The news that Pope Francis will reimpose limits on the celebration of the traditional Latin mass will disappoint and even enrage devotees of that ritual. But traditionalist Catholics who appreciated the revival of the old form encouraged by Francis' predecessor, Pope Benedict XVI, are caught in a couple of contradictions.
The first is that conservative Catholics at least in theory take a strong view of papal prerogatives, but here a so-called "liberal" pope is using his authority to rescind a directive by his "conservative" predecessor. Reversing a 2007 decision by Benedict, Francis said that priests who wish to celebrate the so-called Extraordinary Form of the mass would need to obtain the permission of their bishop.
In what traditionalists will see as insult added to injury, Francis explained that he had concluded that concessions to supporters of the old mass had been "exploited to widen the gaps, reinforce the divergences, and encourage disagreements that injure the Church, block her path and expose her to the peril of division."
If you think the pope has the final word, then you must accept the decision of the current one (unless you believe that Francis isn't the real pontiff, a truly fringe position). Otherwise you're purporting to be more Catholic than the pope.
There's another contradiction snaring traditionalists, whether they are superannuated cradle Catholics who grew up with the old rite or younger believers who find it aesthetically or spiritually edifying.
In allowing greater use of the old mass, Benedict arguably was acting in the cause of pluralism. Benedict also granted a special status to Anglican converts to Catholicism who use a liturgy that contains some language derived from Anglican sources.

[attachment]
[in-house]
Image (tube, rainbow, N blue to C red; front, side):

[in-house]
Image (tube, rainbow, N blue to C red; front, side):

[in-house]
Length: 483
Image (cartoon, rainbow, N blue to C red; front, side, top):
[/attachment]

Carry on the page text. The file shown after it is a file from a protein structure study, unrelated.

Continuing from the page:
But to the extent that you see the "old mass" — celebrated in Latin by a priest with his back to the congregation — as the "true" mass, the less accepting you will be of the so-called Ordinary Form, celebrated in the vernacular and conceived of as a communal meal as well as a sacrifice.
In their heart of hearts, I suspect most devotees of the old mass would prefer it to be the only permissible form, as it was for centuries before reforms adopted after Vatican II. Accepting it as one option among others always seemed like a tactical position for traditionalists.
It will be difficult for critics of Francis' decision to argue credibly that what they want is a church that allows the Latin mass in order to be comprehensive in the way worship is conducted and conceived — as Anglican Christianity long has been. (Episcopal bishops accept that some parishes will be "high church" with elaborate Catholic ceremonial and some "low church" with more sedate services.)
A better argument for the traditionalists would be that the Vatican accepts the traditional liturgies of Eastern churches that recognize the pope. But Francis obviously believes that more uniformity is necessary for Catholics of the Roman rite, his primary flock. It's just not the uniformity that traditionalists desire.
Michael McGough is the Los Angeles Times' senior editorial writer, based in Washington, D.C.